When the case is open, it is immediately clear that the machine is divided into three large blocks:
Click on image for larger view
The power supply section is extremely robust in order to provide the machine with the 350 Watts it requires. This also includes a single electric motor that, by means of rubber belts, serves all the needs of the Programma 101 (cooling fan at the rear, card reader, printer and keyboard).
These rubber belts are the only detail of the machine that was not designed to last forever. In many cases some of these belts, made in a very soft rubber, have literally liquified, transforming themsleves in a sort of awfully sticky black marmalade. Cleaning this stuff away is painstaking, expecially when it drops in the very delicate electromechanical section. The same is true for a single, small cylinder of rubber used in the advancement of the magnetic card that often sticks together all the very mechanisms of the reader, including the read/write magnetic head.
The electromechanical section shows all the previous experience that Olivetti's engineers had in electromechanical calculators.
The keyboard is quite curious. Usually these keyboards have a switch behind each key, and all the switches are arranged in a matrix that is scanned one line at a time by an electronic circuit. In the Programma 101, instead, behind each key is a small lever, and all these levers get into a sort of "mechanical encoder" powered by the motor (fig. 1). This encoder commands a set of switches. The result of all this is that any time a specific key is pressed the switches are maneuvered in a specific pattern. This hardly seems a good idea, and a lot of mechanics is used to encode the machine's 37 keys to 12 switches, but it must be taken in consideration that this section also handles priority encoding (i.e. the contemporary pressure of two keys), keyboard locking in case of mistake and (as far as I understand) a first level of key debouncing. The keyboard shows that Olivetti had a lot of experience with electromechanical calculators and Ing. Perotto found it easier and more reliable to re-use some of the know-how that his collegues had in electromechanical keyboards.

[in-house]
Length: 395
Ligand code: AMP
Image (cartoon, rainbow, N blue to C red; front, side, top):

The printer is deceiptively simple. A cylindrical drum rotates behind the paper roll. On the surface of the cylinder all the printable characters are engraved, repeated on 28 columns, one for each printable position. In front of the paper is the ink ribbon, and a single little hammer runs up and down, giving a hitthe paper at the very exact moment when the cylinder behind the presents the required character, that gets thus printed.
The manual speaks proudly of the 30 characters per second the printer is able to handle, and in effects one can see that the the designers tried to do their best from the fact that each column in the cylinder has the series of printable characters repeated twice, so that for each revolution of the cylinder two characters can be printed.
The card reader is even more simple: a slot to insert the card, a set of switches to detect the insertion and a magnetic head. In front of the machine, two switches labeled RECORD PR and PRINT PR give you all the interface is needed. Reading a card is simply done by inserting it into the reader with the RECORD PR switch depressed. Simple as it may seem, the card reader was extremely advanced for that period.
The electronic section is, to put it simply, wonderful. It is well enclosed in a separate box, with an air filter from one side and a cooling fan from the other side. At the top is the delay line memory module with its little driver board. Underneath, 8 large and strictly packed boards are stuffed with discrete components (transistors, diodes, resistors and capacitors) grouped in small "modules". For more detail, see the page about the electronics.